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A Hybrid Genetic Algorithm for the Job Shop Scheduling Problem
 EUROPEAN JOURNAL OF OPERATIONAL RESEARCH
, 2002
"... This paper presents a hybrid genetic algorithm for the Job Shop Scheduling problem. The chromosome representation of the problem is based on random keys. The schedules are constructed using a priority rule in which the priorities are defined by the genetic algorithm. Schedules are constructed using ..."
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Cited by 58 (10 self)
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This paper presents a hybrid genetic algorithm for the Job Shop Scheduling problem. The chromosome representation of the problem is based on random keys. The schedules are constructed using a priority rule in which the priorities are defined by the genetic algorithm. Schedules are constructed using a procedure that generates parameterized active schedules. After a schedule is obtained a local search heuristic is applied to improve the solution. The approach is tested on a set of standard instances taken from the literature and compared with other approaches. The computation results validate the effectiveness of the proposed algorithm.
Parallel Grasp With PathRelinking For Job Shop Scheduling
 Parallel Computing
, 2002
"... In the job shop scheduling problem (JSP), a finite set of jobs is processed on a finite set of machines. Each job is required to complete a set of operations in a fixed order. Each operation is processed on a specific machine for a fixed duration. A machine can process no more than one job at a ..."
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Cited by 37 (18 self)
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In the job shop scheduling problem (JSP), a finite set of jobs is processed on a finite set of machines. Each job is required to complete a set of operations in a fixed order. Each operation is processed on a specific machine for a fixed duration. A machine can process no more than one job at a time and once a job initiates processing on a given machine it must complete processing without interruption. A schedule is an assignment of operations to time slots on the machines. The objective of the JSP is to find a schedule that minimizes the maximum completion time, or makespan, of the jobs. In this paper, we describe a parallel greedy randomized adaptive search procedure (GRASP) with pathrelinking for the JSP. A GRASP is a metaheuristic for combinatorial optimization. It usually consists of a construction procedure based on a greedy randomized algorithm and of a local search. Pathrelinking is an intensification strategy that explores trajectories that connect high quality solutions. Independent and cooperative parallelization strategies are described and implemented. Computational experience on a large set of standard test problems indicates that the parallel GRASP with pathrelinking finds goodquality approximate solutions of the job shop scheduling problem.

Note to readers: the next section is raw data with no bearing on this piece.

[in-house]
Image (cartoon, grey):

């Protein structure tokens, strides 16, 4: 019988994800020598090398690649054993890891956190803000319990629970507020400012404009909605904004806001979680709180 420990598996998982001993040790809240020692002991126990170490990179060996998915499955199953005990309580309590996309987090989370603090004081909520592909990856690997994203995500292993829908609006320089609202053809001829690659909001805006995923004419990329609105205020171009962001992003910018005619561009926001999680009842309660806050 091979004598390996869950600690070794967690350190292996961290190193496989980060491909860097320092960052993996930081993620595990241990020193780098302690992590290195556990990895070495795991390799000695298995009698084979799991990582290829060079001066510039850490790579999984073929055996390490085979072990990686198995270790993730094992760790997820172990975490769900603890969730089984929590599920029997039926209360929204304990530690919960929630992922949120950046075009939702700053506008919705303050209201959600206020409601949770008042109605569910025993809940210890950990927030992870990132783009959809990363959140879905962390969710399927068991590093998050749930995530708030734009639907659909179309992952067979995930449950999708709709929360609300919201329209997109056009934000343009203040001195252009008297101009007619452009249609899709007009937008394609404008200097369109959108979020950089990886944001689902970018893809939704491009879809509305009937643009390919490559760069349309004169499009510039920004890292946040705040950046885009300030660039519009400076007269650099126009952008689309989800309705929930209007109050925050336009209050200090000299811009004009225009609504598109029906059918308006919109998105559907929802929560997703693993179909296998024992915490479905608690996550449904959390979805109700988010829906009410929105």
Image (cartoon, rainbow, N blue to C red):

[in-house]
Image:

A greedy randomized adaptive search procedure for job shop scheduling
 IEEE Trans. on Power Systems
, 2001
"... Abstract. In the job shop scheduling problem (JSP), a finite set of jobs is processed on a finite set of machines. Each job is characterized by a fixed order of operations, each of which is to be processed on a specific machine for a specified duration. Each machine can process at most one job at a ..."
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Cited by 25 (2 self)
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Abstract. In the job shop scheduling problem (JSP), a finite set of jobs is processed on a finite set of machines. Each job is characterized by a fixed order of operations, each of which is to be processed on a specific machine for a specified duration. Each machine can process at most one job at a time and once a job initiates processing on a given machine it must complete processing uninterrupted. A schedule is an assignment of operations to time slots on the machines. The objective of the JSP is to find a schedule that minimizes the maximum completion time, or makespan, of the jobs. In this paper, we describe a greedy randomized adaptive search procedure (GRASP) for the JSP. A GRASP is a metaheuristic for combinatorial optimization. Although GRASP is a general procedure, its basic concepts are customized for the problem being solved. We describe in detail our implementation of GRASP for job shop scheduling. Further, we incorporate to the conventional GRASP two new concepts: an intensification strategy and POP (Proximate Optimality Principle) in the construction phase. These two concepts were first proposed by Fleurent & Glover (1999) in the context of the quadratic assignment problem. Computational experience on a large set of standard test problems indicates that GRASP is a competitive algorithm for finding approximate solutions of the job shop scheduling problem. 1.